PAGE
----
A strong brand truth involves both head and heart. The rational core represents the brand aspiration, or what the brand stands for. The emotional wrapping is how a consumer with the right mindset feels about the brand. The brand truth helps us identify and sell the rational attributes of a brand in an emotional way.

When rational and emotional elements are artfully blended, it can result in a very powerful brand truth—and a winning breakaway brand.

* * *

Miller Lite is a classic example. At the time of its national introduction in 1975, Miller Lite hit on a unique, breakaway brand truth: "Tastes Great. Less Filling." Miller Lite found a way to appeal to the rational and emotional sides of beer drinkers at the same time: only Miller Lite could claim to be lower in calories (rational) while offering the taste beer drinkers wanted (emotional).

Miller Brewing Company was the number-four brewer in the United States at the time of Miller Lite's introduction. By 2004, its light beer brand had helped Miller rise to number two. The brand instigated a revolution in beer as other makers rushed to introduce competitive light beers. Over 20 years later, while the creative approaches have changed, Miller Lite's advertising today still incorporates "tastes great, less filling" into its messaging—a lasting testament to the power of the brand truth.

Miller acknowledged another reality in its brand truth: Brands live in a highly competitive world. A brand may stand apart, but rarely does it stand alone. The breakaway brand needs to push against something, driving a wedge between itself and its competitors. The sustainable breakaway brand finds ways to continually widen this gap and become a category of one. Miller Lite created a category of one, defining a whole new segment of the beer market.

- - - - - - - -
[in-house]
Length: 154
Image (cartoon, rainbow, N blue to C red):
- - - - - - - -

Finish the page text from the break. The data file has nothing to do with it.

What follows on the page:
In the end, it's all about getting to the brand truth. The brand truth is the DNA of a breakaway brand. The brand truth can inform every other decision a brand marketer has to make—decisions that will prove the brand is authentic and not a fabrication. And in the battle for increased awareness, profitability, market share and even share price, the brand truth is the single most important weapon a brand marketer will ever have.

Of course, discovering the brand truth is just the beginning of successfully marketing a breakaway brand. Then the brand marketer needs to relentlessly execute that unique brand truth passionately and artfully. It might be a product differentiator (however small), a design advantage, a service commitment, a distribution philosophy, an existing emotional connection people make with a brand or a combination of many things—some obvious and some not so obvious.

By understanding the brand truth, a brand marketer can create a brand position that turns an ordinary brand into a breakaway brand, and devise a marketing strategy with the power to last well into the future.

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Barry Silverstein (barry@thebreakawaybrand.com) is a senior vice-president at Arnold Worldwide, a leading U.S. advertising agency. He is coauthor of the new McGraw-Hill book The Breakaway Brand (www.thebreakawaybrand.com).